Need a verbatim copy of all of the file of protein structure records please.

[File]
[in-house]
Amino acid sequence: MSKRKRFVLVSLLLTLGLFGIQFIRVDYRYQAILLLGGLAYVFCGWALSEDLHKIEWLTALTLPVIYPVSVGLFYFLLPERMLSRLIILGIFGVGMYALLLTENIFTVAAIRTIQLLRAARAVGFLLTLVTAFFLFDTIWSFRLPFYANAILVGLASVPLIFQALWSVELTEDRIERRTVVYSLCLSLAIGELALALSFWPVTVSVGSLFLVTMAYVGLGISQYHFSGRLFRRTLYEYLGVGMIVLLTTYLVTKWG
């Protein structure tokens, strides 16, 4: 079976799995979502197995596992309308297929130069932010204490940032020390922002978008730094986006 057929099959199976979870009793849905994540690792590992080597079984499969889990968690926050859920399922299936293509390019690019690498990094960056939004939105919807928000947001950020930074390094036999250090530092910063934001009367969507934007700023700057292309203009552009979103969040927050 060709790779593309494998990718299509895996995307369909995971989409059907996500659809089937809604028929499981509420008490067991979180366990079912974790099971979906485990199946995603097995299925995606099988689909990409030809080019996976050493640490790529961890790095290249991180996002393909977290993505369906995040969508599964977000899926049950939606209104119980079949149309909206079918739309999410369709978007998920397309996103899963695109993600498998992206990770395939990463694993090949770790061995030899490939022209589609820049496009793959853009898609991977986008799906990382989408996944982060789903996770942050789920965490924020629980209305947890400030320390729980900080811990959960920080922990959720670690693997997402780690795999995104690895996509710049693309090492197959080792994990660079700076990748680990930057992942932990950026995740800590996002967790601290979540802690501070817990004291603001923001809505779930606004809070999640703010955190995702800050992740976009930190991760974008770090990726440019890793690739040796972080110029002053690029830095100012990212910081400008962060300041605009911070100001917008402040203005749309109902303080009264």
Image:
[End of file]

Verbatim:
[in-house]
Amino acid sequence: MSKRKRFVLVSLLLTLGLFGIQFIRVDYRYQAILLLGGLAYVFCGWALSEDLHKIEWLTALTLPVIYPVSVGLFYFLLPERMLSRLIILGIFGVGMYALLLTENIFTVAAIRTIQLLRAARAVGFLLTLVTAFFLFDTIWSFRLPFYANAILVGLASVPLIFQALWSVELTEDRIERRTVVYSLCLSLAIGELALALSFWPVTVSVGSLFLVTMAYVGLGISQYHFSGRLFRRTLYEYLGVGMIVLLTTYLVTKWG
């Protein structure tokens, strides 16, 4: 079976799995979502197995596992309308297929130069932010204490940032020390922002978008730094986006 057929099959199976979870009793849905994540690792590992080597079984499969889990968690926050859920399922299936293509390019690019690498990094960056939004939105919807928000947001950020930074390094036999250090530092910063934001009367969507934007700023700057292309203009552009979103969040927050 060709790779593309494998990718299509895996995307369909995971989409059907996500659809089937809604028929499981509420008490067991979180366990079912974790099971979906485990199946995603097995299925995606099988689909990409030809080019996976050493640490790529961890790095290249991180996002393909977290993505369906995040969508599964977000899926049950939606209104119980079949149309909206079918739309999410369709978007998920397309996103899963695109993600498998992206990770395939990463694993090949770790061995030899490939022209589609820049496009793959853009898609991977986008799906990382989408996944982060789903996770942050789920965490924020629980209305947890400030320390729980900080811990959960920080922990959720670690693997997402780690795999995104690895996509710049693309090492197959080792994990660079700076990748680990930057992942932990950026995740800590996002967790601290979540802690501070817990004291603001923001809505779930606004809070999640703010955190995702800050992740976009930190991760974008770090990726440019890793690739040796972080110029002053690029830095100012990212910081400008962060300041605009911070100001917008402040203005749309109902303080009264």
Image: